In a letter to today's Daily Telegraph (below), Lloyd Webber takes aim at the paper's critic Tim Walker, who recently said the subject matter of Stephen Ward was too obscure to appeal to a broad audience.
Walker wrote: "...how many people are there under 50 who have heard of Jack Profumo, let alone Ward, the osteopath who introduced the War Secretary to Christine Keeler and precipitated the fall of Harold Macmillan's government? What will the name Stephen Ward mean, too, to the Americans and all the other tourists who make up a good proportion of the audiences in the West End every night?"
Walker also claimed that Jeffrey Archer, a potential investor in the show, was put off by there being "no one else around [Lloyd Webber] with equal stature to point out that maybe this or that isn't working".
In reply, a clearly riled Lloyd Webber writes:
Tim Walker suggests that if there had been people of equal stature around me, I would never have written about such an uncommercial subject as Stephen Ward. Ignoring that the show's director is Sir Richard Eyre, the former head of the National Theatre, the producer is Robert Fox and the writers are both Oscar winners, Mr Walker suggests that Jeffrey Archer (who incidentally proposed to me no fewer than 14 titles for the show) might have questioned the commerciality of the subject matter.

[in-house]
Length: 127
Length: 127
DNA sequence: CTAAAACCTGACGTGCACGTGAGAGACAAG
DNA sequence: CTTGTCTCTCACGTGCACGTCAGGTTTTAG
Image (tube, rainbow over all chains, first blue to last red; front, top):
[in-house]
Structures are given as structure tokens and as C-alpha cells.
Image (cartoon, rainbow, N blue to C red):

The difference between success and failure in musical theatre is a horrifyingly fine line. However, I believe that if you choose a subject purely because it appears commercial, catastrophe looms.
If money was the only goal, would I have embarked on a musical (strangely not mentioned by Mr Walker) that was inspired by an anthology of poems by a dead poet (and not lyrics by Tim Rice), was directed by a commercially untried director from the Royal Shakespeare Company, was presented by a young producer who had had no major West End hit, which featured dance heavily at a time when it was perceived that West End dancers had two left feet and certainly couldn't sing and dance at the same time, was opening in a graveyard theatre in which even Grease, starring Richard Gere, had flopped, was to open with most of its investment missing - causing me to take a second mortgage on my house - and, worse still, featured human beings dressed as cats?
We are all immensely proud of Stephen Ward. But what makes a hit musical? Fools give you reasons, wise men never try.
Do you think Stephen Ward was too obscure to be commercially successful? Let us know in the comments below
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